HOMEBREW Digest #4930 Thu 12 January 2006

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  Re: Long term yeast storage (Fred Johnson)
  restarting Barley wine (Randy Ricchi)
  Re: Dry yeast - one more chance (Denny Conn)
  New HERMS brewing system (Mark Nesdoly)
  MCAB Qualifying Brewers Announced ("Stock, Curtis")

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---------------------------------------------------------------------- Date: Thu, 12 Jan 2006 07:41:48 -0500 From: Fred Johnson <FLJohnson at portbridge.com> Subject: Re: Long term yeast storage I'm picking up on the thread that just started regarding long-term storage of yeast. In an attempt to keep things as simple and labor-free as possible, I have been storing yeast as described below. I would love to hear from those who really know this stuff what risks I am taking by using this process. After a starter has fermented out, I simply put about 5 mL of this into a 25 mL glass, sterile, screw-cap vial and store the vial in the refrigerator. (My starters are made by very slow, continuous infusion of standard gravity wort (from my latest brew) supplemented with Fermax and stirred with active aeration of the spinner flask.) When I need to make a new starter culture, I simply warm up a vial from the refrigerator to room temperature, resuspend the yeast in the vial, transfer the contents of the vial into about 100 mL of very dilute, aerated wort at room temperature and wait for activity to show before beginning my usual infusion. Signs of revival of the yeast taken from the refrigerator requires time (just like a smack pack) depending upon how long the vial has been stored. Presumably this time is simply a function of how many yeast cells are still alive in the vial when the fresh wort hits them. Last month I revived a vial that had been stored since March 2003. It took four or five days before I saw signs of activity in dilute starter wort. A revised version of this process is to bring all of the vials out of the refrigerator every so often, allow them to warm to room temperature, add a about 5 mL of fresh wort to each vial with the caps replaced loosly, allow these ferment out, screw the cap on tightly, and return the vials to the refrigerator. I know this process may fly in the face of just about every recommendation for yeast storage that I've read from reliable sources, but these sources say that my yeast are unlikely to be viable. I seem to have proven that to be false. I can only think of one or two occasions when I didn't get revival of my stored yeast. (Perhaps my success is related to the manner in which I culture the starters.) Is there anything likely to be wrong with the yeast stored and revived in this manner? Petite mutants? Selection of subpopulation? Knowledgeable comments are very welcome and encouraged! Fred L Johnson Apex, North Carolina, USA Return to table of contents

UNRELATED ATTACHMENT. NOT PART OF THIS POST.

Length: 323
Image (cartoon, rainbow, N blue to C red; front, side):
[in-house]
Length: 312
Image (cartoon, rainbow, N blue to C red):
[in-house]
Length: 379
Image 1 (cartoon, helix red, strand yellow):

Date: Thu, 12 Jan 2006 09:32:04 -0500 From: Randy Ricchi <rricchi at houghton.k12.mi.us> Subject: restarting Barley wine Steve, As you pointed out, since the other beer you produced from this mash fermented out well, your barley wine should, too. You should be able to get that barley wine down to about 1.032 or so. I don't think you pitched enough yeast. I'd pitch a cup or two of slurry and oxygenate well for a big barley wine like that. At this point pitching a couple packets of some strong attenuating dry yeast like Nottingham might do the job for you, but I think the surest bet is to first brew a batch of regular strength ale using the same yeast or another liquid yeast that you like, and when that's done, rack it off into secondary and carefully rack your barley wine right onto the full yeast cake that's left over. There will be so much yeast there that it will be able to ferment the rest of the barley wine ferementables without the need for any oxygenation . You're right, at this point re-oxygenation could cause staling. >You wrote: From: "Steve Seeley" <seseeley at hotpop.com> I have a stuck fermentation on a Barley Wine. The OG was 1.125 SG. After 4 days the 1084 Iris ale yeast quit fermenting. I racked after the 7th day (3 days of nothing) and the SG was 1.082 with the AA only at 33%. I also got a second beer off the same mash which went from an OG of 1.055 SG to 1.014 SG in 4 days for a AA of 75%. The sparg for these beers was a continuous fly sparg collecting the first 7gals for the Barley Wine and a 2nd 7 gallons as a session beer. I don't think the wort was too high in unfermentables because the 2nd beer had good AA. Is the ratio of unfermentables to fermentable basically the same through out a fly sparg if a mash out of 168 degF held for 40 min.? I think the starter was OK? The starter was made with about 4 oz of yeast paste (from a prior batch) pitched into 1 gallon of 1.025 SG wort and fermented out. After decanting off the spent starter wort 3/4 of the slurry was pitched into the Barley Wine and the remaining 1/4 pitched into the 2nd beer. I'm thinking that the Barley Wine wort may not have had enough O2? Therefore maybe pitching some dry lager yeast (which have built in O2 reserves) will get things fermenting again? I'm thinking that re-oxygenating would cause staling? Return to table of contents